DURHAM, N.C. – Blue Cross and Blue Shield of North Carolina (Blue Cross NC) has invested $1 million with the North Carolina Community College System (NCCCS) to help fund associate degree programs in emergency medical science (EMS) at five community colleges across the state. The investment will address health care needs across North Carolina, including the opioid epidemic, by supporting student academic success, faculty recruitment, retention and professional development; and state-of the-art equipment and technology, such as simulation manikins that give students real-time feedback.


Like much of the country, North Carolina has seen dramatic increases in addiction and overdose rates in recent years. Since 2010, deaths resulting from heroin overdoses in North Carolina increased 884 percent.[1] The dramatic increase in overdoses emphasizes the importance of adequately trained and sufficiently resourced emergency medical personnel.


“We want to ensure access to quality emergency medical care for all North Carolinians, and that starts with training the next generation of first responders,” said Patrick Conway, MD, President and CEO of Blue Cross NC. “This investment will provide students with required resources and technology necessary for academic success.”


The investment aims to specifically target combating the opioid epidemic in the state’s most distressed areas, based on statewide data. These areas have some of the highest unintentional opioid deaths in the state. The five colleges awarded the funding are Brunswick, Lenoir, Rockingham, South Piedmont and Wilkes. The investment will:

  • Support advanced coursework for EMS faculty, with a focus on targeting best practices for patient treatment, clinician safety, and understanding of the opioid crisis – both in safety for health care providers and safety for patients.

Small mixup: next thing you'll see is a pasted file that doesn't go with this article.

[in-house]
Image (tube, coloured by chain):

• Replace outdated training equipment and technology, including low and high-fidelity manikins, to expand opportunities for clinical practice.
  • Expand funding for subject matter expert tutors, simulation lab faculty and student scholarships and emergency funds.


Health professionals that train in rural and underserved settings are more likely to choose to practice and remain in such settings.[2] Community colleges provide affordable educational opportunities for persons living in these geographic areas, allowing students to remain close to home while pursuing a degree, and offer rewarding career opportunities for graduates once they complete their education.


Annually, the NCCCS provides education and training for the majority of Registered Nurses (RNs), Licensed Practical Nurses (LPNs), and EMS personnel in North Carolina. Over the past eight years, the NCCCS has had 45,412 emergency medical technicians (EMTs), 6,749 Advanced EMTs, and 16,346 paramedics enrolled in EMS programs.


About Blue Cross and Blue Shield of North Carolina:

Blue Cross and Blue Shield of North Carolina (Blue Cross NC) improves the health and well-being of our customers and communities by providing innovative health care products, services and information to more than 3.8 million members, including approximately 1.1 million served on behalf of other Blue Plans. Since 1933, we have worked to make North Carolina a better place to live through our support of community organizations, programs and events that promote good health.  Blue Cross and Blue Shield of North Carolina is an independent licensee of the Blue Cross and Blue Shield Association. Visit Blue Cross NC online at bluecrossnc.com. All other marks are the property of their respective owners.


About the NC Community College System

With 58 colleges across the state, the North Carolina Community College System is the third-largest such system in the United States. It educates about 700,000 students through degree, diploma and certificate programs, and helps workers acquire or upgrade skills through continuing education. The system assists with economic development by providing customized training to new and expanding businesses and helping small businesses grow. Community colleges also help adults without a high school diploma to complete their education and acquire the skills needed to enter college or start a career.





[1] Opioid Overdose and North Carolina’s Public Health and Prevention Strategies, 2016